The focus of the research was to understand the socio-economic and health related issues faced by Latino immigrants in the United States. The goal of the presentation and paper was to develop a comprehensive community center intervention model as a means to address the varied needs of Latino immigrants. What follows is a brief overview of the socio-economic and cultural conditions surrounding Latin immigration, followed by an investigation of two current community center-based intervention models operating in the Bay Area, and our proposed comprehensive community center intervention model.
In order to develop successful intervention programs via community centers, it is first necessary to briefly outline the myriad factors that drive Latino immigration, as well as develop a working portrait of the demographics of Latino immigration.
According to research developed by the Mexican Secretaria de Relaciones & US Immigration Naturalization Service (1998) the majority of Latino immigrants fit the following profile: men 94%, married 85%, age range 28 - 32 yrs.;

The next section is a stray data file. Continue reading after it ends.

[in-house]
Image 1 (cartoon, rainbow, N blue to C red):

6-8 yrs education; work in agriculture 53%; income $185 - 240 week; and 30% income sent back to Mexico.
Hayes-Bautista (2002) further defined Latino immigrants in the United States as having generally low education, low access to health care, low income, little low birth weight, and low infant mortality (Latino rate of deaths: 4.8 deaths per 1,000 live births).
Salagado de Snyder (2002) noted that there are number of push/pull factors that drive Latinos of varied economic, geographic, and cultural difference to immigrate to the U.S. The push factors include: unemployment, underemployment, low wages, and search for a better life. The pull factors not surprisingly include: more jobs, better pay, and social networks in the receiving country.
Zenteno & Massey (1999) developed a set of predictors of immigration that included: age ranges of 15 - 44 yrs.; male;...